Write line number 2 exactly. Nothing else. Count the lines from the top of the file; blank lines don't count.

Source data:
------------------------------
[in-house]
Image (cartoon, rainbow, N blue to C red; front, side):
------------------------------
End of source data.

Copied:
Image (cartoon, rainbow, N blue to C red; front, side):